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Bloody Confused!: A Clueless American Sportswriter Seeks Solace in English Soccer

3.68  ·  Rating details ·  1,324 ratings  ·  111 reviews
Chuck Culpepper was a veteran sports journalist edging toward burnout . . . then he went to London and discovered the high-octane, fanatical (and bloody confusing!) world of English soccer.

After covering the American sports scene for fifteen years, Chuck Culpepper suffered from a profound case of Common Sportswriter Malaise. He was fed up with self-righteous proclamations,
Paperback, 272 pages
Published August 5th 2008 by Broadway Books (first published January 1st 2007)
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Average rating 3.68  · 
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 ·  1,324 ratings  ·  111 reviews

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Start your review of Bloody Confused!: A Clueless American Sportswriter Seeks Solace in English Soccer
Oct 05, 2008 rated it did not like it
Culpepper's aim in this text is to convince people who don't know anything about the world of international soccer that it's a great product, and worthy of an American's time. The problem is, unfortunately, that he skips from "soccer know-nothing" to the worst kind of American soccer fan--the pretentious, condescending know-all who is fully convinced that other countries play soccer because it is everything true and right while the Yanks represent everything stupid and wrong. And that's the text ...more
Jan 09, 2009 rated it it was ok
Shelves: not-owned
Inconsistencies in the scope of Culpepper's knowledge throws the reader off from truly enjoying what could have been a humorous look at soccer/football through the eyes of a new American fan. Culpepper goes from choosing a team based on their name (Aston Villa) or for seemingly no reason at all (Newcastle and Portsmouth) to quoting facts and details from previous seasons. Culpepper also relies too much on the gimmick of his, "Oh, I'm from Virginia, we don't do those sort of things," way of livin ...more
Nov 03, 2010 rated it really liked it
Many, many laugh out loud moments. He does a great job of making you feel like you're on the journey with him. And makes you feel like American sports are missing something by not participating in relegation. ...more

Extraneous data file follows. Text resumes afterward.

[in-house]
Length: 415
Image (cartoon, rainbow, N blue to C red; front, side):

Brendan McCarthy
Mar 17, 2019 rated it liked it
I really enjoyed this book because it was a topic that I really like, sports and especially soccer. I was able to connect with the author on his thoughts and ideas about English soccer. He talks a lot about the environment of the stadiums and what it is like to be a fan. This was intriguing for me because from a young age I have always wanted to experience what an English soccer game is like and to this day I still have not had a chance. Bloody Confused! also gets into some of the lingo used in ...more
Jul 27, 2010 rated it liked it
Recommends it for: Anglophiles, soccer fans
As an immersive account of being a soccer fan in England, this book was highly entertaining and enlightening. Culpepper proves very adept at effectively communicating the feelings and impressions of each experience he has as he immerses himself in the 2006/2007 season of Portsmouth FC.

It is also frequently very, very funny.

The only problem I had with this book was that it occasionally proves its pedigree as a book written for a British audience (its UK title was Up Pompey) and only slightly twea
Nov 04, 2008 rated it did not like it
Recommends it for: Those wanting to confirm beliefs that Americans are no-nothing jerks, and that English are superior
Recommended to Kevin by: Nick Webster and Stephen Cohen of FSC/FFF
I get it, Chuck. You hate American sports fans, and you aren't that keen on Americans in general. Thanks for taking 272 pages to let me know that.

I am an enormous fan of English Football. It isn't that hard to follow. As a reader, I am asked to believe that someone who is paid to follow and write about sports for a living took over two years to figure out how the game works. Fine, I guess. But it damaged his credibility with me.

Luckily, while regaling the reader with tales of his education, th
Oct 23, 2008 rated it liked it
Shelves: 2008
I wanted to enjoy this book a lot more than I actually did. The premise is brilliant (an American sportswriter immerses himself in English soccer, and system he knows nothing about) but the execution was, well, a lot like English Premiership Football: a lot more complicated than it really needed to be.

I had a hard time following the narrative. With so many teams and matches and players to follow it was hard for someone like me who was truly clueless to get a sense of who was who and what was wh
Jan 09, 2018 rated it liked it
Shelves: nonfiction
Read for the 2018 PopSugar reading challenge. This is "A book about or involving a sport" - in this case, the European, specifically English, style of football. It was sitting there on my girlfriend's shelf for me to pick up.